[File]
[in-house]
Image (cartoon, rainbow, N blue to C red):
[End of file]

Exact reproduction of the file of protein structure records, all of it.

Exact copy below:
[in-house]
Image (cartoon, rainbow, N blue to C red):